Trees: In The Shadows Of Creeping Dread
August 20, 2015
Warren Ellis and Jason Howard are familiar to comics fans, with Ellis recently coming off an acclaimed run on Marvel's Moon Knight with Declan Shalvey and Jordie Bellaire (the same creative team behind INJECTION), and Howard having spent time working on hit titles like ASTOUNDING WOLF-MAN and SUPER DINOSAUR. You may think you know what's coming when you crack open the book, but TREES is unlike any of their other work. The cliffhangers feel more like chapter breaks in a prose novel than the usual action- or drama-oriented cliffhangers we expect from comics. The hardest-hitting drama is derived mostly from the relationships of the characters twisting and changing over time, rather than physical danger and explosions. The fact that TREES is so successful at what it does is down to the expertly executed writing and art. Ellis and Howard are in sync here, and you can feel it while you read.
The lack of a traditional alien invasion infuses TREES with creeping dread. Ellis and Howard play with our knowledge of how these stories tend to go—a spaceship cracks open and horrors pour out, piping reveals itself to be a vicious and hungry alien, our best friend's eyes turn black and we know that they are lost to us, forever—and make it a point to upset our expectations.
Howard renders the Trees the same way he does architecture or flora, with no telling glow or other indicator that they are anything but merely present. Ellis avoids explaining exactly what the Trees are, leaving us just as ignorant as the characters in the story. The end result is that we're affected by both the story they're telling and the story they're not telling, too. If you know how these stories go, you want to see what the Trees will do, and that's what delivers the dread.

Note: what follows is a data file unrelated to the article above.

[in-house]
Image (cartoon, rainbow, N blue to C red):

But if you follow this story, the dread is supplemented, and perhaps even supplanted, by the dread that derives from the character-driven drama on the page. We see what a Tree can do very early on, and then...nothing. In the shadows of an inscrutable and opaque invasion, life goes on. Criminals prey on the weak, governments jockey for position, and life goes on as usual. But there is no usual in life, not really. There are just a series of upheavals, and TREES more than delivers on that front. Characters discover a route to the top, grow into their own skin while shedding what's obsolete, and have to deal with the dangers of reckless brilliance.
The characters—both the dialogue and the acting on the page—are what make TREES go. Howard conveys emotions like hope, confusion, and disgust with equal aplomb, and Ellis makes sure the dialogue makes you think about what the people are saying instead of just accepting it. TREES demands attention, and if you grant it, you'll grow attached, and if you grow attached, you fell for their trap. The strongest drama here is personal, not apocalyptic, and the drama is viciously resonant. If you've ever fallen in love, started a new job, or been so impressed with yourself you can't see the forest for the trees, something in here will make you sit back and say, "Oh."
Which isn't to say TREES is purely talking heads. A military conflict winds its way through the book, someone—spoiler warning!—gets shot in the head on page one, and there is definitely no lack of exciting scenes. But TREES is an artful change of pace, a read that feels slower than you'd expect, until you realize you're absolutely hooked and the brakes don't work any more.